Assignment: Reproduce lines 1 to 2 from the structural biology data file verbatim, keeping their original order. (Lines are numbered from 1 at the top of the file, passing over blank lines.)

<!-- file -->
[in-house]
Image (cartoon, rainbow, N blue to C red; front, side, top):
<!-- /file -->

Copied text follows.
[in-house]
Image (cartoon, rainbow, N blue to C red; front, side, top):